There can be no doubt that the food we eat and produce has a substantial impact on our planet.
Estimates suggest that food and drink production and distribution contributes 20% of UK carbon emissions every year and is the leading cause of deforestation, land use change and biodiversity loss; accounting for 70% of all human water use and is a major source of water pollution
From the agricultural methods we use to produce fruit, vegetables and meat through to the fish species we choose to consume; to the way our food is transported to the market or where it was bought, packaged and sold. Almost every step of food production and the distribution process brings some degree of environmental impact.
And few would disagree that these collective environmental impacts are contributing to global climate change, which in itself poses very distinct health risks to the UK and the rest of the world.
The UK Government recognises that procurement can have a considerable impact on the environment. As a result it has introduced the Government Buying Standards.
When you consider the sheer scale of activity undertaken by Government, which ranges from building massive national infrastructure to buying a desk made from sustainable timber, it’s not hard to see the difference that sound environmentally sensitive procurement can have.
The standards include a set of minimum mandatory standards for inclusion in tenders and contract performance conditions, and apply to all aspects of Government procurement, which of course includes food and catering services.
It’s an issue which may also have been on the mind of NHS Chief Executive Simon Stevens in early September when he announced plans to make NHS workplaces healthier, by ensuring that raising food and nutrition standards across the NHS is a priority.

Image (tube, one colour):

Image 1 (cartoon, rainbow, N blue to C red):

Our guidance on Healthier and More Sustainable Catering provides those responsible for food and catering services and planning menus with the principles they need to ensure the food they serve is nutritious and sustainable (as the title suggests).
The documents cover the guiding principles when considering food service and our toolkits for adults, and older people in residential care, show how to apply these principles with case studies. Our tools also help those who commission, procure or cater or serve food to identify the aspects most relevant to their roles – ensuring food is sustainably sourced, healthier and climate friendly.
Of course the overwhelming focus of the diet and obesity team at PHE is to encourage healthier eating, as shown by the eatwell plate.
But our advice is also compatible with achieving sustainability benefits that come with responsible sourcing and eating. Our advice takes this major opportunity to simultaneously improve public health and the environment, which is so crucial to climate change.
The advice doesn’t end with food. Just as important are drinks. The quality of our drinking water across the UK has been confirmed as being among the best in the world and tap water can be the easiest and the most sustainable way to hydrate.
Our Healthier and More Sustainable Catering toolkit is a starting point for those involved in this work and we’re hoping that more and more providers will come to realise that healthy food provision can also be good for the planet.